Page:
Originally Released: July, 1998
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A less-invasive, laparoscopic technique allows people to donate a kidney with much less pain, a shorter hospital stay, and a much faster recovery. Surgeons at the University of Maryland Medical Center also have found that kidneys removed in this less-traumatic way function as well as those taken out with a large incision.
After two years, 98 percent of the kidneys removed from donors with the less-invasive technique continued to function well in transplant recipients, compared to 96 percent that had been taken out previously with the traditional, "open" operation. Also, with current removal techniques, the complication rate in kidney recipients is lower than the rate among those whose new kidney was taken from the donor with a large incision.
This data, from the University of Maryland Medical Center's first 193 kidney donors to have the laparoscopic removal, will be presented on July 14 in Montreal at the 17th World Congress of the Transplantation Society by transplant surgeon Benjamin Philosophe, M.D., Ph.D.
The University of Maryland Medical Center has performed the most laparoscopic kidney removals in the world, in more than 220 patients since March 1996.
Another study looked at the impact on everyday life among the medical center's first 125 laparoscopic kidney donors.
"With the laparoscopic approach, our kidney donor patients stay in the hospital an average of three days instead of four and a half days with the standard operation, and they return to work an average of four weeks sooner, in 20 days rather than 47 days," says Eugene Cho, M.D., who presented the findings at the Society of American Gastrointestinal Endoscopic Surgeons in Seattle in April. Dr. Cho is co-director of the laparoscopic live donor nephrectomy program at the University of Maryland Medical Center.
In addition, his study found that donors who have the laparoscopic technique only require post-surgical pain medication for an average of 30 hours compared to 60 hours with the traditional method. They resume driving three times sooner and doing housework in less than half the time.
Both studies compared the laparoscopic group to transplant patients with similar characteristics, such as age, sex, and other factors, and found no difference in kidney function and between the kidneys removed laparoscopically and those taken out in the traditional type of operation.
"This new procedure has made a big difference for our kidney transplant patients and their loved ones who donate a kidney," says Stephen T. Bartlett, M.D., director of the division of Transplant Surgery at the University of Maryland Medical Center.
"Since we began the laparoscopic kidney removal program in March of 1996, our percentage of living donor kidney transplants has increased significantly, from about 30 percent of all kidney transplants to 50 percent. One reason is that our kidney transplant patients feel better about receiving the donation knowing that the donor's recovery will be much faster with the new technique," says Bartlett.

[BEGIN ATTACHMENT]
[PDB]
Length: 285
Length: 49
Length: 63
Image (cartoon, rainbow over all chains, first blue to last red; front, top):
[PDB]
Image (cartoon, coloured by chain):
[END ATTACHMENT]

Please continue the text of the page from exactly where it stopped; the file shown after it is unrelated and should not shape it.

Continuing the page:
The medical center's kidney transplant program is among the five busiest in the U.S. and the largest in Maryland, having performed 226 kidney transplants during 1997. Of those, 118 were from living donors, and all but eight of the kidneys were removed laparoscopically.
"Living kidney donation is extremely important, because there is a critical shortage of organs for the thousands of patients who need transplants," says Dr. Bartlett. According to the Transplant Resource Center of Maryland, about 39,300 people are on waiting lists nationwide for a kidney transplant. About 1,400 are waiting in Maryland.
The laparoscopic kidney removal surgery is very challenging to perform, especially since it requires keeping the kidney in excellent working condition.
"It is the most difficult type of laparoscopic procedure and should only be performed by surgeons with a high degree of technical skill and considerable laparoscopic experience," says Jack Flowers, M.D., director of Laparoscopic Surgery at the University of Maryland Medical Center. Dr. Flowers was a member of the University of Maryland team that performed the first laparoscopic gall bladder removal in the Northeastern U.S. in September 1989.
"Even though this laparoscopic procedure has been met with a great deal of initial success and patient satisfaction, there is a learning curve associated with all technically difficult procedures, and patients should look for experienced surgeons," says Dr. Philosophe.
With the laparoscopic technique to remove a kidney, surgeons only need to make a small incision at the navel, about two-and-a-half inches wide, as well as four small holes in which they insert instruments. The laparoscope contains a miniature camera and surgeons watch what they are doing on a video monitor. When the kidney is disconnected, they wrap it in a plastic bag and slide it out of the small incision at the navel. The traditional, "open" surgery to remove a kidney requires an incision of about ten inches long, which cuts through abdominal muscles and takes a long time to heal.
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